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Leo VI Follis...


ewomack
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Leo VI, the Byzantine emperor known as "The Wise" or "The Philosopher." He apparently possessed plenty of book smarts, but his reign doesn't appear particularly notable otherwise. His codification of law in Greek does seem to have laid the basis for legal theory in medieval Europe, so he did influence later thinkers. Some also refer to him as the "Henry VIII of Byzantium," since it took four wives to produce an heir. All of this alienated him from the ecclesiastical authorities and they banned him from St. Sofia. At least he didn't experience a violent death like so many other Byzantine emperors. I really like the detail on this particular coin, especially on the chlamys. About the type itself, Sear says: "[t]his appears to have been issued in greater quantities than almost any other individual type in the Byzantine series." Given that, please post your Leo VI coins!

886_to_912_LeoVI_AE_Follis_01.png.0c7f6822c86bad90033b5c03c6fb61f7.png886_to_912_LeoVI_AE_Follis_02.png.5daaa16a9da71c2b9c11722c7de147cd.png

Leo VI (AD 886-912); Constantinople; Follis; 7.67g. Obv: +LEOn bAS - ILEVS ROM' Bust facing wearing crown and chlamys, holding akakia in l. hand. Rev: Inscription in four lines: +LEOn / Eh ΘEO bA / SILEVS R / OmEOh, Berk-918, Sear 1729.

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Rats, @ewomack, I don't have pics of mine (that's true of the first several years of collecting), but your example is really exceptional.  It's my single favorite follis type from before the anonymous ones.

And, Yeah, it's always cool when a monarch (even a Byzantine one, where you might expect them) is as literarily accomplished, never mind literate, as Leo was.  Another example from the same century is Constantine VII Porphyrogenitus.  Always wanted a follis of his, for that reason.

Edited by JeandAcre
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A very nice follis! I have several of these as it was one of the first types I collected and a bunch of them came in a large lot:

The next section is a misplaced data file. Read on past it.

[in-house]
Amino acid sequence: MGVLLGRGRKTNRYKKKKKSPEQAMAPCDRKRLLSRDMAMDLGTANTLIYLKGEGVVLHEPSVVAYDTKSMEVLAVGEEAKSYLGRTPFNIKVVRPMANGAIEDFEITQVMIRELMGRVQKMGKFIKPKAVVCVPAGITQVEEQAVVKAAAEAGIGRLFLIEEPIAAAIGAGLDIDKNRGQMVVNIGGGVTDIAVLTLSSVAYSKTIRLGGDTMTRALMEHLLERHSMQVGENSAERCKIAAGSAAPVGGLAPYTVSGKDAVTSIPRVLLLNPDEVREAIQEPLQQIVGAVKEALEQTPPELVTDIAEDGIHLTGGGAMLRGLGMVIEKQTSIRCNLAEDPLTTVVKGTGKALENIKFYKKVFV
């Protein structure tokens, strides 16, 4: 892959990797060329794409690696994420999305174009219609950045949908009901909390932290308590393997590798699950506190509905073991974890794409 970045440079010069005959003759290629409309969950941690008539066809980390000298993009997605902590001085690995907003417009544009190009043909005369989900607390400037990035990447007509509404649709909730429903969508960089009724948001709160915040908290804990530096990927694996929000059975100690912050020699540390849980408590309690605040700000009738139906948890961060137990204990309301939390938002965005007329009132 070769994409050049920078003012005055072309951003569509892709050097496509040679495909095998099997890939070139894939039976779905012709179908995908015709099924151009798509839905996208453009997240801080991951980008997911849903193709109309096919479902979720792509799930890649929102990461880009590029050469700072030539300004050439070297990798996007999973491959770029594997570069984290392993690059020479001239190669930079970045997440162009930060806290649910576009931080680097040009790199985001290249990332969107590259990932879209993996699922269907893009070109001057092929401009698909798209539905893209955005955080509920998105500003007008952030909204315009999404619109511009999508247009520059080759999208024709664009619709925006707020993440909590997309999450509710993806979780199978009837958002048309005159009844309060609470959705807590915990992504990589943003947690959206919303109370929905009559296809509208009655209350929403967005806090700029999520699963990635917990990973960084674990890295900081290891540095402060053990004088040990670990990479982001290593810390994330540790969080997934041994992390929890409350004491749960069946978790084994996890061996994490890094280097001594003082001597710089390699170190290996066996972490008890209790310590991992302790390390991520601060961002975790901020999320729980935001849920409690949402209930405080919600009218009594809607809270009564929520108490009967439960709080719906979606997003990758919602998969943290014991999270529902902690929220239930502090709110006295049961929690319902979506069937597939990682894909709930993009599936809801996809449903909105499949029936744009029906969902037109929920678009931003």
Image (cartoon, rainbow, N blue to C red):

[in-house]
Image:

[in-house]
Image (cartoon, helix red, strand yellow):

Byzantine Empire: Leo VI the Wise (886-912) Æ Follis, Constantinople (Sear 1729; DOC 8)

Obv: +LЄOҺ ЬAS-ILЄVS ROM'; Bust of Leo VI with short beard, facing, wearing chlamys and crown with cross; on right shoulder, roundel with central pellet; holding akakia in left hand
Rev: +LЄOҺ / ЄҺ ΘЄO ЬA / SILЄVS R / OMЄOҺ

normal_Sear-1729(1).jpg

 

Byzantine Empire: Leo VI the Wise (886-912) Æ Follis, Cherson (Sear-1731; DOC 9)

Obv: Large ΛЄ
Rev: Cross crosslet set on two steps; • to either side

normal_Sear-1731.jpg

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On 10/19/2022 at 2:42 PM, JeandAcre said:

And, Yeah, it's always cool when a monarch (even a Byzantine one, where you might expect them) is as literarily accomplished, never mind literate, as Leo was.  Another example from the same century is Constantine VII Porphyrogenitus.  Always wanted a follis of his, for that reason.

Thank you for mentioning Constantine VII's literary bent, I did not know that about him. A particularly pleasing follis of his features him and Zoe flanking a long cross. I found an amazing example of one online, though it had already sold for an equally amazing price. Nice examples seem difficult to find, from what I can tell. I'll have to have my antennae lengthened.

For the same literary reasons, I also have coins of Marcus Aurelius and Julian II (which I've shared here numerous times now). I've read works by both of them.

161_to_162_MarcusAurelius_Denarius_01.png.f0e381528f47f0a7d78d7757d27ef970.png161_to_162_MarcusAurelius_Denarius_02.png.e8365734f2ba995b6964836da632c57b.png

Marcus Aurelius. AR Denarius. Struck 161/2 AD. M ANTONINVS AVG, bare head right / CONCORD AVG TR P XVII, COS III in exergue, Concordia seated left, holding patera, resting left elbow on statuette of Spes set on base. 18mm 3.4gm

360_to_363_JulianII_AE1_BIMalorina_01.png.04e2e426eb6614d5cdba8a3eb39304af.png360_to_363_JulianII_AE1_BIMalorina_02.png.5366d619d407b3b22f13d8f4d4126039.png

Julian II (360 - 363) AE1 (BI Maiorina); Thessalonika Mint; Obv: DN FL CL IVLIANUS PF AUG; Diademed, draped and cuirassed bust right; Rev: SECVRITAS REIPVB; Bull standing right, two stars above;*TESΓ in exergue; Ref: RIC 226

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On 10/22/2022 at 5:17 AM, GordianAppreciator101 said:

pwLwBcZ.png

My Leo VI, with an extra Alexander for good measure. 

Like Marcus Aurelius and Commodus, Leo VI's successor was... less than adequate, dying less than a year after beginning his sole reign apparently after a life full of vices.

That's a very nice example of that particular type! I really like the obverse. I haven't seen one as nice as that out in the wild yet, particularly for Leo's portrait. But I've been looking for Byzantine coins for only a few months now. Maybe I'll get as lucky as you did. Thanks for posting it!

Edited by ewomack
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